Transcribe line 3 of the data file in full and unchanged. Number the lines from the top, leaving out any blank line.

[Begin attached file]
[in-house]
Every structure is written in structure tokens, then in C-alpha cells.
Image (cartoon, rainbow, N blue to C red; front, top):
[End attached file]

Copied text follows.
Image (cartoon, rainbow, N blue to C red; front, top):